Endeavors 2024

Robert Sturns, economic development director for Fort Worth, said the city's ability to attract and retain jobs may depend on its relationship with TCU’s research community. Photo by Rodger Mallison

Banking on Growth

As Fort Worth continues to expand, Robert Sturns helps attract big business.

ROBERT STURNS, A SECOND-GENERATION FORT WORTH CITY ADMINISTRATOR, is at the helm of the city’s seismic growth. As the economic development director, Sturns is a key player in the business expansions and relocations that have put the Dallas-Fort Worth region on pace to overtake Chicago as the country’s third most populous metro area.

Fort Worth led the nation with the largest year-over-year population increase, adding more than 19,000 people from 2022 to 2023 for a total of 957,000 residents, reports the U.S. Census Bureau.

Sturns said the city can’t rest on past success or take continued growth for granted. Fort Worth’s ability to attract and retain jobs tomorrow may depend on its relationship with TCU’s research community today, he said.

“When we’re talking to companies, they want to know what resources you have on the ground today. What does the educational system look like? What kind of graduates are you churning out? What fields are they in? What type of research is already going on?” Sturns said. “And our ability to provide positive answers to those questions obviously relates to the attractiveness of the city.”


Sturns is a Fort Worth native with strong roots in public service. His uncle, Louis Sturns, a now-retired judge for the 213th District Court in Tarrant County, was the first Black person to serve on the Texas Court of Criminal Appeals. His father, Vernell Sturns, was assistant city manager of Fort Worth in the mid-1980s and later served as executive director of DFW International Airport. He was also the first Black member of the TCU Board of Trustees.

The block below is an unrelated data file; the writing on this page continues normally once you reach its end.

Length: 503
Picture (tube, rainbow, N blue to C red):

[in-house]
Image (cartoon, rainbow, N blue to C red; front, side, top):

“Obviously, his background probably shaped a little bit of my getting into local government,” Sturns said. “It really wasn’t something that I was focused on when I was in college but, having grown up and seen his work and his life experiences, I think it was definitely an area that had some interest to me.”

One of the main lessons Sturns learned from his father, he said, was to find joy in civic work, even though doing so can be difficult considering the mountain of expectations.

“I do remember when I started as economic development director, he said, ‘Oh, that’s going to be tough given the city’s potential growth,’ but he was always someone who has found joy in his work and found the humorous side of things,” Sturns said. “I try to maintain that posture.”

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Charles Daniels, city manager of Forney, Texas, said Vernell Sturns mentored him when he started his own public administration career.

“Vernell was instrumental in mentoring young would-be public administrators in all aspects of the profession, teaching us to never stop learning and to stay the course,” said Daniels, who served as Fort Worth’s assistant city manager from 2008 to 2015. “Robert certainly has kept those tenets to heart and has not only made Fort Worth a better place to live and work but distinguished himself as one of the best economic gurus in the country.”